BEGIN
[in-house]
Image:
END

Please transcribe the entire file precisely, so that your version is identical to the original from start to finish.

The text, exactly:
[in-house]
Image: